I wouldn't have thought that you're under any obligation to reassess the value of the land and timber for a sale that has been concluded. The seller's estate is only now retrospectively trying to adjust the figures to give a tax advantage. They should have made it clear at the time of the sale that they were valuing the land and the timber separately. I'd decline their request.
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Re: Capital Gains Tax - Land & Wood split

Postby oldclaypaws » Thu Mar 12, 2015 12:05 pm

Quite so Simon, I'd be tempted to tell them where to get off and you are under no obligation, except if its a large valuable piece of woodland and you were to sell it in the future, you could face the same issue as the previous vendor and it would be useful to establish the (high as possible) land value now to minimise the possibility of a future capital gains bill if or when you sell yourselves. Woodlands are currently growing in value fast, Cleggs told me something like 25% in a couple of years or 12%+ p.a., so anyone with more than £100,000 worth of woodland is likely to be using all of their £11,000 p.a. capital allowance by just sitting on it and could accumulate a future capital gains liability. On the other hand, getting a current return of 12% on anything you also enjoy, taxable or not, is pretty good compared to cash in a 1% so called 'savings' account, so its a good problem to have if in that position.
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Re: Capital Gains Tax - Land & Wood split

Postby SimonFisher » Thu Mar 12, 2015 1:07 pm

That's what I said, isn't it? If the sale was concluded at some price and that figure is recorded at Land Registry, won't the future assumption be that that figure is the land value, so as high as it can be, and the timber was of negligible value? Or are you suggesting that the lack of a recorded declared split in the sale price of the land and the timber means it's open to some future assessment?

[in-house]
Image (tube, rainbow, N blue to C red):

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Re: Capital Gains Tax - Land & Wood split

Postby kateandgus » Thu Mar 12, 2015 4:07 pm

Thank you all so much - that's really helpful and confirms what I thought. It was a friendly transaction, and I told the executor I'd find out what I could and let him know - I shall have a look at the sites you suggest, but am confident that the wood is of negligible value due to condition and access, and will have to insist that the price paid is pretty much totally attributable to land value. I think his accountant is probably being a bit daft anyway, as with about 20 years of CG allowances, he may well have no liability anyway.
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Re: Capital Gains Tax - Land & Wood split

Postby SimonFisher » Thu Mar 12, 2015 4:48 pm

kateandgus wrote:... I think his accountant is probably being a bit daft anyway, as with about 20 years of CG allowances, he may well have no liability anyway.

The Capital Gains allowance isn't cumulative.
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Re: Capital Gains Tax - Land & Wood split

Postby kateandgus » Thu Mar 12, 2015 7:10 pm

SimonFisher wrote:
kateandgus wrote:... I think his accountant is probably being a bit daft anyway, as with about 20 years of CG allowances, he may well have no liability anyway.

The Capital Gains allowance isn't cumulative.

Oh- sorry, don't understand - Does this mean he just gets the annual allowance for one year ?
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Re: Capital Gains Tax - Land & Wood split

Postby kateandgus » Thu Mar 12, 2015 7:25 pm

SimonFisher wrote:That's what I said, isn't it? If the sale was concluded at some price and that figure is recorded at Land Registry, won't the future assumption be that that figure is the land value, so as high as it can be, and the timber was of negligible value? Or are you suggesting that the lack of a recorded declared split in the sale price of the land and the timber means it's open to some future assessment?
Interested to hear a response to this - to determine whether there is a benefit in recording a valuation at this point - ie. might I be in a difficult situation in the future if we haven't done it at point of sale? The seller has informed me that he has now been in touch with the estate agent and asked them to do a retrospective valuation.